Ridley Scott directed a masterpiece in 1979.
The first “Alien” movie is still the standard for what is known as science fiction horror.
Scott returns to direct his third movie in the franchise.
“Alien: Covenant” tells the story of the colony ship, Covenant. Its crew members are on a mission to a planet to bring a group of 2,000 people, who will make up the population of a new planet.
The crew of 15 is awakened from their cryogenic sleep because of an accident to the ship. Walter (Michael Fassbender) is the android who watches over the ship on its long journey. It is Walter that awakens the crew to deal with the problem.
One of the crew members, the captain, dies in a fire in his cryogenic tube. This places Oram (Billy Crudup) as leader of the group.
While Tennessee (Danny McBride) is making the necessary repair, his communications system in his spacesuit picks up a signal. This signal leads the crew to discover a planet that was not on the maps before now.
Oram makes the decision to send the ship to this planet to see what the signal was and to see if it would be a good planet to colonize.
Daniels (Katherine Waterson), the widow of the original captain, protests this divergence from the mission. Oram hears this but dismisses it.
Arriving on the planet surface, the crew finds what looks to be an excellent place to colonize. The land looks fertile, there is lots of water and the air is breathable.
There is one huge problem: There are no other life forms on the planet. There is vegetation but no animals.
As they venture further onto the planet, they discover an abandoned ship. Within that ship is David (Michael Fassbender), the android from Scott’s second Alien movie, “Prometheus.”
David tells the story of having landed on the planet with the only survivor from “Prometheus,” Elizabeth Shaw.
What unfolds from David is a story filled with lies and half-truths. What is discovered is that on this planet are beginnings of the alien referred to in the movie’s title.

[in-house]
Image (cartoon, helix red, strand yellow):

What Scott creates is a story about creation, but not as a beneficial act.
At the core of these movies is the question of God as creator. In the previous film, the crew of Prometheus is on a journey to find the beginnings of humanity. What they find is no creator, but rather death for all but one.
In this movie, the first scene is David’s “birth.” Peter Weyland (Guy Pearce), who we met in “Prometheus,” activates David for the first time. He is David’s creator.
In the conversation that occurs, the question of who created Weyland comes to the fore. Weyland cannot give an answer, but he assures David that he is David’s creator.
David sits at the piano and begins to play Wagner’s “Das Rheingold.” Weyland tells David that the piece he is playing loses much without the backing of the other instruments in the symphony.
The shame of his creator puts an imprint upon David, and it seems that David now exists to try and win the creator’s favor, even after Weyland is no longer alive.
The question at the heart of this and Scott’s other Alien movies is, “How can a creator bring about a creation that allows such horror that exists within it?”
What “Alien: Covenant” wants to show is that creation comes with all manner of horrors. Central to this is the attempt at perfection.
I loved this movie because of the ways it made me think about things other than what was taking place on the screen.
My belief is that good movies do that. They speak to us about things other than the events unfolding before our eyes.
Be warned. This is an R-rated horror movie. The rating speaks to the amount of carnage that is shown. It is not one for those that get squeamish at the sight of blood.
Michael Parnell is pastor of Temple Baptist Church in Raleigh, North Carolina. He is married and has two boys. His love is for movies, and he can be found in a theater most Fridays.
MPAA Rating: R for sci-fi violence, bloody images, language and sexuality / nudity.
Director: Ridley Scott
Writers: Jack Logan and Dante Harper, based on a story by Jack Paglen and Michael Green, and based on characters created by Dan O’Bannon and Ronald Shusett.
Cast: Michael Fassbender (David/Walter), Katherine Waterson (Daniels), Billy Crudup (Oram), Danny McBride (Tennessee), Guy Pearce (Peter Weyland).
The film’s website is here.
Pastor of Temple Baptist Church in Raleigh, North Carolina. He is married and has two boys. His love is for movies, and he can be found in a theater most Fridays.